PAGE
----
In the last line of his e-mail, he added that he’d be happy to schedule another interview. But sure enough, 11 e-mails and one disingenuous publicist later, it didn’t happen. A week before deadline, I went back to Sorkin one last time.
He wrote: “Look, Danielle, you already wrote a story called ‘Who Does Aaron Sorkin Really Hate?’ in which you suggested that I was a misogynist, a self-loathing Jew and a bad writer — you’ve got to give me a reason why it would be a good idea to participate in another story.”
I figured that by this point, with the Oscars two weeks away, he had probably reached the point of PR ennui. Another, different mutual friend of ours saw him in a CBS interview and said, “He was completely joyless; he seemed tired and bored and mechanical — which isn’t like him at all.”
It’s possible that by that time, Sorkin was simply too exhausted for any more. Maybe he had come down with a horrific case of strep throat and lost his voice. But I don’t really buy that. Oscar nominees know those 11th-hour interviews help amass votes. So why, out of all those interviews he gave over the months, wasn’t I worthy? Was it because he thinks The Jewish Journal isn’t a significant enough publication? Too parochial? Or was I not distinguished enough to talk to?
Or was it that he thought my “hate” piece so off base he didn’t think he could trust me? That I wouldn’t give him a fair shake? On the other hand, maybe what I wrote had tugged at something deep and true, and that had struck a nerve. Instead of being just another reporter who’d drunk the Aaron Sorkin Kool-Aid, maybe he was afraid I might expose his rawness, his realness. I wonder if someone so brilliant and complicated is more comfortable elucidating the complexities of his characters’ interiors than exposing what they might say about him.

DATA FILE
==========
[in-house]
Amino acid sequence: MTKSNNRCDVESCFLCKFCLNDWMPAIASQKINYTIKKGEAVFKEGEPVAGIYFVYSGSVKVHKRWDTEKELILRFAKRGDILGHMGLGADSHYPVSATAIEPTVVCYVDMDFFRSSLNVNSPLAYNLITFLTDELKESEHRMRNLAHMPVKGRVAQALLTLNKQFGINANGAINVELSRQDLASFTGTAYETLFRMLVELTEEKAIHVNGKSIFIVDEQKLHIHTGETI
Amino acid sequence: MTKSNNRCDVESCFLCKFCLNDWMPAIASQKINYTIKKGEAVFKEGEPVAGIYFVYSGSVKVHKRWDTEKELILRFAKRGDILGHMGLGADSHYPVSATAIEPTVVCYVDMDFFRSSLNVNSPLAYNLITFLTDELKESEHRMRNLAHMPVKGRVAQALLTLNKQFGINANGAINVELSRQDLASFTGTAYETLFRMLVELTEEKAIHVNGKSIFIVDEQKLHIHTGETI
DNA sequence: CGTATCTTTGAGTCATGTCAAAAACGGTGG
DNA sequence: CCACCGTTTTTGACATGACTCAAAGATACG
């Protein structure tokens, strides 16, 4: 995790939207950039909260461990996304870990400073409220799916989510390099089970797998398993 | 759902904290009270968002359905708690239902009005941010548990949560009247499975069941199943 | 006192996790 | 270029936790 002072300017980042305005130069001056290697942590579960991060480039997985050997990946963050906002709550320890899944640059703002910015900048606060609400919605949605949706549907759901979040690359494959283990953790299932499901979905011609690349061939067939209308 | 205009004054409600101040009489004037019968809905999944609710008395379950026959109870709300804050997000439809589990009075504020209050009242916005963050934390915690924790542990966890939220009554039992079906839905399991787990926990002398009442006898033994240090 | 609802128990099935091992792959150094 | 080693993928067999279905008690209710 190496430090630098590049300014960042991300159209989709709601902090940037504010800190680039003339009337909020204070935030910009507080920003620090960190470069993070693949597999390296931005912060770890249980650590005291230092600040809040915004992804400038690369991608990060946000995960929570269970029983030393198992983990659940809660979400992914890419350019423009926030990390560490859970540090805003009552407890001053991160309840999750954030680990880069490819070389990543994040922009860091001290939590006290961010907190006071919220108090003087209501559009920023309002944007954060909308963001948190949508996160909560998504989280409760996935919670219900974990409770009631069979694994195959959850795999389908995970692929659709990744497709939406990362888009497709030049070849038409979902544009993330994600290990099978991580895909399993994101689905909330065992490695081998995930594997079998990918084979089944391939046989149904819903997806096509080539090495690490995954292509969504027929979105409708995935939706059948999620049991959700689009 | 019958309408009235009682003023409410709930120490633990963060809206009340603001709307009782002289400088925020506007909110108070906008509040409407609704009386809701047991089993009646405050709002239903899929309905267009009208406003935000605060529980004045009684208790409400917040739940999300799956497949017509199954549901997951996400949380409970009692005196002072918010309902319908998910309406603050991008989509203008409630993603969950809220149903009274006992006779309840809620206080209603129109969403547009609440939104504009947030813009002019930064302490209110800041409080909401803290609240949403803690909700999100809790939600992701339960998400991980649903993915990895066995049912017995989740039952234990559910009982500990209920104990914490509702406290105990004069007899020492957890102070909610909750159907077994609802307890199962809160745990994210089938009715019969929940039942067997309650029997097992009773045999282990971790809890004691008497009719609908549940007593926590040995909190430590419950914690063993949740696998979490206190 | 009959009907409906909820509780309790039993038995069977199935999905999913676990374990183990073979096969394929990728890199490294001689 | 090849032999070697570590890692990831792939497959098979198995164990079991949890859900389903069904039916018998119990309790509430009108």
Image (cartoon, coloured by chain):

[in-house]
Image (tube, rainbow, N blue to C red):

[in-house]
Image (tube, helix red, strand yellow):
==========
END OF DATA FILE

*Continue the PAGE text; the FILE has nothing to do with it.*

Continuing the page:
Then again, perhaps all this overwrought analysis reveals more about me.
In a final, desperate attempt to inspirit him, I launched a daily campaign of “Reasons to Interview With Me.” I reminded him of something he had said to New York Magazine, months earlier, about Mark Zuckerberg: “I feel like had I met Mark, I would have felt a certain obligation to make the character sound like Mark, walk like Mark, all of those things. And frankly, I probably would have had an affection for him that I wouldn’t have wanted to betray.”
“I already wrote the piece I could write not having met you,” I wrote as my last plug.
In the end, I didn’t get to make the tribal bond I had so ardently hoped for. But, at least in some sense, Sorkin and I bonded over The Tribe.
And if he ever decides he’d like to meet, I’m still waiting.